How To Cross The Street In Vietnam

Traveling to so many different countries has taught me that often in another country you have to let go of some of the rules or norms from your home country. I ignored my mother’s rule of always eating with silverware in India and following the norms on the country by eating with my hands at a fancy restaurant. In Vietnam I had to ignore one rule that was ingrained in me since I was young: look both ways before you cross the street, and wait until there are no cars in sight or the cars have come to a stop. In Vietnam the rule is to look down when you cross the street and keep walking.

The most shocking thing to me was the notion of not looking at cars when crossing the street. A cab driver filled us in, that they suggest tourists not to look up while crossing, because they might get scared and stop walking. If one were to look up in the middle of the street they might feel the same fear that a squirrel does, and everyone knows how good squirrels are at crossing the street.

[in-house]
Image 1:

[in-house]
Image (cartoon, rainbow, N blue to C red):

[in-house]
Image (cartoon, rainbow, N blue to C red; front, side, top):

I wondered why it would be such a bad thing if I became a deer in the headlights and stopped walking. As it turns out the motorbikes, and cars will work their way around you, and they are anticipating that you will continue walking – so it is imperative you do just that! If you do stop in the middle, you could cause a car accident or even become a dead deer.

The first time I crossed the street following “the rules” my heart raced. I was on the corner of the fancy Rex Hotel, and I was trying to get to a little restaurant called Pho 24. The street was littered with motorbikes spewing black fumes as they buzzed by. There were of course some cars and an occasional city bus. I stepped off the curb and took a deep breath, and fifteen seconds later it was all over. I had successfully crossed the street; I had let go of the rules from my culture and adapted to the ways of the Vietnamese people. By the end of my five-day visit I was crossing the street like the Beatles on Abbey Road.

Carrie Clough

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